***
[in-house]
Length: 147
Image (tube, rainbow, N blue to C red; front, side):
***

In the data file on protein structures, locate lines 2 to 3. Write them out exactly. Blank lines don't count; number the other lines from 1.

Length: 147
Image (tube, rainbow, N blue to C red; front, side):